National Vaccination Programmes
The Expanded Programme on Immunisations (EPI) was established by the World Health Organisation (WHO) in the 1970’s, following the success of polio vaccination. The aim of the EPI was to ensure that immunisations were available for every child in the world.
At its conception, the EPI recommended just 6 universal vaccines. As more vaccines have become available, the WHO has added to its list of universal vaccines for children and now includes recommendations for adults and healthcare workers.
Many countries around the world now have vaccination programmes that incorporate the EPI goals. For example, in 2017, the WHO estimated that 85% of children under the age of one received at least three doses of diphtheria, tetanus and polio (DTP) vaccine.
An independent advisory group, the Strategic Advisory Group of Experts (SAGE), made up of experts from around the world, meet twice a year to review available evidence on immunisation and vaccine-related topics. The recommendations made by SAGE inform WHO global vaccine policies.
Below, Pathways for WHO policy recommendations on vaccine use
Although WHO make recommendations, individual countries decide on which vaccines they will they use and design their own vaccine schedules. Ideally, vaccine schedules are decided by national committees that consist of members who have expertise in different vaccine-related areas. The role of national committees is to provide oversight of vaccine schedules and make recommendations for vaccines uses, doses, timings and any changes or additions to the schedule. In addition, the committee may identify areas for which vaccines are needed and review new vaccines that are due to be licensed. It is important these committees are not influenced by pharmaceutical companies or other lobby groups with narrow scopes of interest.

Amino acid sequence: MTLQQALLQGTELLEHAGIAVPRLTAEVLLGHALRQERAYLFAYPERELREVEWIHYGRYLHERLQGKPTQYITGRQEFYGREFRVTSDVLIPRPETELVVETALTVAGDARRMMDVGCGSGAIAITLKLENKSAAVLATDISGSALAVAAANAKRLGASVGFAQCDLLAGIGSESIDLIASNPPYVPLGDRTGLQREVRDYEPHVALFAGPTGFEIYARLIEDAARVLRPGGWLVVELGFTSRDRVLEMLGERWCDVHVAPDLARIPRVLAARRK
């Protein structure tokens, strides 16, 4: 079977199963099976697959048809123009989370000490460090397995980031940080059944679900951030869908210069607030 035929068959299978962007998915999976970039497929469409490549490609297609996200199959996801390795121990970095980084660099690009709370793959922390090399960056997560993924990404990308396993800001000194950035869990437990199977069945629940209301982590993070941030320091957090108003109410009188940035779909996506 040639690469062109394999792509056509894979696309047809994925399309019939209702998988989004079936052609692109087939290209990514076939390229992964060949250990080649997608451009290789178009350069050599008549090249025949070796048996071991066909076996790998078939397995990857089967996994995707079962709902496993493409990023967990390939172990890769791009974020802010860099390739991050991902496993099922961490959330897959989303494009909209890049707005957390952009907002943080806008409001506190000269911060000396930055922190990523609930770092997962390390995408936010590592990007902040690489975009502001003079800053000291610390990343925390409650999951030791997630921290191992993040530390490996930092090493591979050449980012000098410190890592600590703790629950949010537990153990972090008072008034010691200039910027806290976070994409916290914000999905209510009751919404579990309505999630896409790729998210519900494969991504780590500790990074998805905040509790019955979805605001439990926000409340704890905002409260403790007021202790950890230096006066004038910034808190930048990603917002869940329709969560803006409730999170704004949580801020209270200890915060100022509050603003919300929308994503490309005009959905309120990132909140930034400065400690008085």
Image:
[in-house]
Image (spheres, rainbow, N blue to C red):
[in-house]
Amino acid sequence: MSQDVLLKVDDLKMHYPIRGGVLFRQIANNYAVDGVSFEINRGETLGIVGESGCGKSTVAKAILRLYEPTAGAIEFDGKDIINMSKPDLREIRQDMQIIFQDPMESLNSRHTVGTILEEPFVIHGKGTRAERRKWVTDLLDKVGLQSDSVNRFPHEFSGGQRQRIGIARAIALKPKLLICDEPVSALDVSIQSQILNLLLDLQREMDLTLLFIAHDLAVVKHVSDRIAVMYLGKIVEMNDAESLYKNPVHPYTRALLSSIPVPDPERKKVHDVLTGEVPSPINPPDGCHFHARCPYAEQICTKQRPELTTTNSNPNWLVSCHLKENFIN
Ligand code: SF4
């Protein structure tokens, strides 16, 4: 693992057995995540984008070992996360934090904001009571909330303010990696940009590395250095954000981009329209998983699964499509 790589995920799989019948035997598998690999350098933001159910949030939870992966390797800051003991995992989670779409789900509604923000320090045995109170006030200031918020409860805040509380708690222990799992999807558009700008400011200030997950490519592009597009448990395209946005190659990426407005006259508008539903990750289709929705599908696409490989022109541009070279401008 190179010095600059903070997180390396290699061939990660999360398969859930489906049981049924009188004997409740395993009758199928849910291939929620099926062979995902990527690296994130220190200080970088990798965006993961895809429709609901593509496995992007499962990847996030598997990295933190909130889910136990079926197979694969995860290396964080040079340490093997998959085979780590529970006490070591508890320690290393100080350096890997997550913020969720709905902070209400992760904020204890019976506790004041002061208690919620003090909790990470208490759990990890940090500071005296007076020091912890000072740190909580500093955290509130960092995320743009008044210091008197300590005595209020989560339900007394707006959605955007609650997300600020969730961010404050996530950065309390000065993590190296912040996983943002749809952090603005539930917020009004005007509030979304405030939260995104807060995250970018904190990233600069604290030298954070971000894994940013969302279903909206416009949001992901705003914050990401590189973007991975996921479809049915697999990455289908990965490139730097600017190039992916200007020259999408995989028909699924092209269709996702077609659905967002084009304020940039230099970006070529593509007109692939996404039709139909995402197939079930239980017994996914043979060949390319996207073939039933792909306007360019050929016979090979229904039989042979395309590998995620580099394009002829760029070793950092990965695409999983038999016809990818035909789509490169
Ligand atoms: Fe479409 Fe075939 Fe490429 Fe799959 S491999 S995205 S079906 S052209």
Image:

The video below explains why MenAfriVac, which protects against Meningococcal A infection, was added to the African EPI and highlights some of the factors that need to be considered when introducing a vaccine
This is an additional video, hosted on YouTube.
Different vaccines may be used in different parts of the world the reasons for this include
- Disease epidemiology – this relates to the type of infections that are prevalent in a particular country and the impact of those infections impact on society.
- Clinical characteristics of a particular infection - such as severity and long term complications.
- Economic considerations - including the affordability of a vaccine and the costs of adding it to an EPI schedule.
- Type of vaccines available and storage and transport requirements.
- Political and public health considerations – these may be related to global recommendations, the potential for international spread of a particular infection and how a particular country makes decisions.
In some countries other vaccines, in addition to those recommended by WHO, are used. Some examples of vaccination schedules in different countries can be found in the reference section below.
In the next section we will consider how vaccines are no longer just used in children.